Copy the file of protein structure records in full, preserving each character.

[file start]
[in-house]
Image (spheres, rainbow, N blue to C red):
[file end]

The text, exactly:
[in-house]
Image (spheres, rainbow, N blue to C red):